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Where to See the Monarch Butterflies Wintering in California Before They Leave

Getty Images
Getty Images

In a eucalyptus grove within earshot of the pounding Pacific surf, the monarchs at Pismo Beach State Park flutter like golden leaves set aloft by a gentle wind. But a closer look reveals something magical: thousands of the orange and black butterflies clustering together in the tall trees for warmth and protection.

Pismo is one of about 200 sites where western monarchs overwinter along the California coast. A three-day drive up the iconic Pacific Coast Highway from Santa Barbara to the Monterey Peninsula offers the chance to see some of the greatest concentrations of overwintering monarchs in the United States.  

These are not the eastern monarchs that migrate by the millions to the mountains of central Mexico. Western monarchs, which today number less than 1 million, originate west of the Rockies. Unable to survive freezing northern winters, they travel hundreds or thousands of miles to mild coastal microclimates. They roost in Monterey cypress and pine and non-native eucalyptus, which provide protection from wind, rainstorms, and predators.

The butterflies that make the journey to these coastal groves are very special. While the lifespan of spring and summer monarchs is 10 weeks or less, this generation born in early fall has adapted to survive between six and nine months—long enough to make the great migration and overwinter on the coast. As they migrate, these monarchs suck up as much flower nectar as they can to build fat reserves that will sustain them on their journey. They’ll need it, too, because they travel up to 100 miles a day and fly as high as 10,000 feet.

This generation spends months in a state of reproductive diapause, when a hormone necessary to trigger development of their reproductive organs is absent or nearly absent until conditions are favorable for offspring. Those conditions become favorable right around now, when days become longer and warmer and monarch mating season gets underway. The butterflies will be gone by March at the latest, so don't wait too long to see them.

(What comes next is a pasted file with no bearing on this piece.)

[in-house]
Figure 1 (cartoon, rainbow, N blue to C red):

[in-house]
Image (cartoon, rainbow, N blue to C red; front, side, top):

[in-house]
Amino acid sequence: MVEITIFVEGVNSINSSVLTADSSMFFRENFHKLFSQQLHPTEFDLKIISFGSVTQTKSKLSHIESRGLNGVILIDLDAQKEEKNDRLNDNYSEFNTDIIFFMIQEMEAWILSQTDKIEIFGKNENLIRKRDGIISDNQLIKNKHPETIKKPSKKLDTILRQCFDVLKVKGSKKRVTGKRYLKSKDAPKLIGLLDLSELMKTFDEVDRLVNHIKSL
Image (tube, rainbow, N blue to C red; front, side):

So grab your binoculars and get ready for a classic California road trip with an amazing twist. Bonus: all of these butterfly groves have free entry.


Jim Ellwanger, Flickr // CC BY-NC 2.0

Monarchs aren’t able to fly until the temperature rises above 57°F, so early afternoon is the best time to witness the butterflies bursting from their clusters and flying around the Goleta Butterfly Grove. That leaves your morning free to visit some other scenic sites and learn about local flora and fauna at the Santa Barbara Museum of Natural History and the Santa Barbara Botanic Garden

At noon, head for the Goleta grove on the Ellwood Mesa. This is an especially dense eucalyptus grove, so the butterflies will be most active when the Sun is directly overhead. Until then, they might appear at first to be nothing more than masses of dead brown leaves, but get closer and they’ll take your breath away. This grove also links with trails to the beach and another monarch site, the Coronado Butterfly Preserve.


Teri Vogel, Flickr // CC BY-NC-ND 2.0

Enjoy a morning drive along the Gaviota Coast, the longest remaining stretch of undeveloped coastline in Southern California. You’ll be treated to stunning views of the Santa Ynez mountains, secluded beaches, and coastal bluffs. If the day is clear, you’ll also be able to see the Santa Barbara Channel Islands and maybe even spot a whale—another migrator on an epic journey. 

Follow Highway 1 north another 1.5 hours through the small farming towns of Lompoc and Guadalupe. The Pismo Beach Monarch Butterfly Grove is right off the highway, and by noon, the monarchs should be taking flight. You can observe thousands more clustered in the trees through one of several telescopes provided for visitors. 

A short trail will take you through the sand dunes to the beach, but return to the grove in time for the fascinating docent talk at 2 p.m. Spend the night under the stars in the adjacent campground (reservations required), or continue on up the coast to Cambria, a charming seaside town that’ll put you within striking distance of Big Sur. 


I Bird 2, Flickr // CC BY-NC 2.0

Get an early start to allow plenty of time for stops along the magnificent Big Sur coastline. It’s a 2.5-hour drive straight through to Pacific Grove, but it would be a shame not get out and walk to the beach and nearby redwood forests. Julia Pfeiffer Burns State Park is a great place to do both.

Pacific Grove, dubbed “Butterfly Town,” is located on the Monterey Peninsula and just a short drive away from the Monterey Bay Aquarium. The butterfly sanctuary is in a grove of pine and eucalyptus in the center of town. Docents are on hand daily to answer questions and wow you with astounding monarch facts. 

One thing the dedicated volunteers at each of these sites will stress is that monarchs are in peril. They’re currently under consideration for endangered species status, and western monarch numbers have plummeted nearly 40 percent below the long-term average (monarch populations are down 90 percent overall). Development, agriculture, and climate change are destroying monarch habitat and the milkweed plant that is essential to the species’ survival. The caterpillars only eat milkweed, and the butterflies lay their eggs on the plant.